Among the other races in which results remained unclear was in North Carolina's 9th District, where Republican Mark Harris and Democrat Dan McCready were separated by less than 1 point. In Texas, Rep. Will HurdWilliam Ballard HurdThe Hill's Morning Report — Dems detail case to remove Trump for abuse of power The Hill's Morning Report - House prosecutes Trump as 'lawless,' 'corrupt' House Democrats launch effort to register minority voters in key districts MORE (R) is locked in a virtual dead heat with Democrat Gina Ortiz Jones. The Associated Press had initially called the race for Hurd, but later retracted the decision as more votes trickled in.

 

Less than 24 hours after voters delivered the string of victories to Democrats, the National Republican Congressional Committee (NRCC) announced that its chair, Rep. Steve StiversSteven (Steve) Ernst StiversKoch campaign touts bipartisan group behind ag labor immigration bill Waters clashes with Trump officials over 'disastrous' housing plans Financial sector's work on SAFE Banking Act shows together, everyone achieves more MORE (R-Ohio) would step down from his post. A number of Republicans have already thrown their names into the running to replace Stivers, including Reps. Mimi Walters (R-Calif.), Tom EmmerThomas (Tom) Earl EmmerThe Hill's Campaign Report: Sanders, Warren feud rattles Democrats House GOP campaign chief: Members 'need to get their act together and raise more money' House GOP campaign arm faces ethics complaint over 'trackers' in Capitol buildings MORE (R-Minn.) and Ann WagnerAnn Louise WagnerDCCC to run ads tying 11 House Republicans to Trump remarks on entitlements GOP can beat Democrats after impeachment — but it needs to do this one thing Group of veterans call on lawmakers to support impeachment, 'put country over politics' MORE (R-Mo.).

 

State watch

Andrew GIllum's hard-fought race for Florida governor fizzled out Tuesday as poll returns showed the Tallahassee mayor trailing Republican Ron DeSantisRonald Dion DeSantisFlorida Supreme Court rules convicted felons must pay fines, fees before voting Florida moves to purchase land to protect Everglades from oil drilling Top Latino group: Trump is about to hold a 'fake Christian campaign rally' MORE by a narrow -- yet insurmountable -- 1-point margin. "I sincerely regret that I couldn't bring it home for you," Gillum said in an emotional concession speech. "But I can guarantee you this, I'm not going anywhere." DeSantis' victory holds down a key governorship for Republicans, after Hillary ClintonHillary Diane Rodham ClintonKaine: Obama called Trump a 'fascist' during 2016 campaign Clinton says Zuckerberg has 'authoritarian' views on misinformation Des Moines Register endorses Elizabeth Warren as Democratic presidential nominee MORE's narrow 2016 loss in Florida raised Democratic hopes of reclaiming the governor's mansion.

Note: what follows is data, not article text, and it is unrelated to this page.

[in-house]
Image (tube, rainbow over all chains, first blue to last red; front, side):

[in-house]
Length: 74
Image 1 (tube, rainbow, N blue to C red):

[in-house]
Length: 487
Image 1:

Meanwhile, in Georgia, the race for the governor's mansion remains up in the air. Republican Brian Kemp is leading Democrat Stacey Abrams by less than 2 points and she's not conceding. Abrams is instead hoping for a runoff election that'll give her one more shot at defeating Kemp. In Georgia, a runoff is triggered only when neither candidate receives 50 percent of the vote.

 

Democrats also managed to flip seven governor's mansions, including in Maine, Michigan, Illinois, Wisconsin, Kansas, New Mexico and Nevada. But out of those, two stand out. In Kansas, Democrat Laura Kelly defeated Republican Kris Kobach, the conservative secretary of State. And in Wisconsin, Gov. Scott Walker (R), one of the nation's most polarizing governors, lost his reelection bid to Democrat Tony Evers, bringing his nearly eight-year tenure to an end.